As key tenets or points of emphasis in a newly released U.S. Marine Corps philosophy paper, yet the text does introduce some uniquely modern variables and applications which represent interesting steps forward and adaptations to a fast-evolving modern threat environment.
“We operate in the spirit of, and are guided by, the tenets of maneuver warfare. These tenets describe how we fight. We recognize that war is ultimately a violent clash of human wills with an enduring nature characterized by friction, uncertainty, disorder, and complexity,” the Marine Corps philosophy paper explains.
The document, entitled Marine Corps Vision and Strategy, 2025, combines these classic combat approaches with uniquely modern techniques and tactics and, perhaps of even greatest significance, integrates concepts of highly lethal forms of maneuver warfare with new generations of technologies.
“We seek victory by shattering the cohesion and will of the enemy, not just through sheer physical attrition of his means to resist. We combine maneuver with firepower to produce a violent and lethal outcome for the adversary. We seek to concentrate our strength against enemy weakness, exploiting his critical vulnerabilities while minimizing and protecting our own,” the strategy writes.
For example, AI-enabled networking, longer-range sensors and weapons, high-speed computer processing, and other innovations impacting the warfare decision cycle.
Taken by themselves, concepts of maneuver and precision firepower are both critical and expected to a large degree, yet a deliberate effort to synergize these kinds of approaches with information warfare, data analysis, and rapid sensor-to-shooter targeting time introduces new warfare paradigms.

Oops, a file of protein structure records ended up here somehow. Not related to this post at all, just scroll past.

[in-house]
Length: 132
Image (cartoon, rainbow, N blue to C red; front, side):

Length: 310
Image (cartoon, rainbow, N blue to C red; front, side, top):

Maneuvering into attack position, it would seem clear, might be entirely different should targeting and surveillance specifics be arriving in seconds from various nodes across a “meshed” or interconnected data network. Faster, more precise firepower, enabled by sensor gathered, distilled, and organized pools of otherwise disparate sources of incoming data can mean finding, attacking, and even destroying an enemy more quickly. These variables, therefore, when viewed as an integrated or networked “whole” can merge classic Corps’ warfare concepts such as maneuver warfare and the use of heavy, yet precise firepower, combine to introduce unprecedented combat dynamics.
“We believe our decision cycle is faster than the enemy’s, allowing us to exploit the advantages of speed, focus, tempo, shock, and surprise. We believe that the human dimension of war is the most critical element, and that boldness, creativity, intelligence, and the warrior spirit are prime attributes. This philosophy applies across the full range of military operations,” the philosophy says.
Kris Osborn is the defense editor for the National Interest. Osborn previously served at the Pentagon as a Highly Qualified Expert with the Office of the Assistant Secretary of the Army—Acquisition, Logistics & Technology. Osborn has also worked as an anchor and on-air military specialist at national TV networks. He has appeared as a guest military expert on Fox News, MSNBC, The Military Channel, and The History Channel. He also has a Master's Degree in Comparative Literature from Columbia University.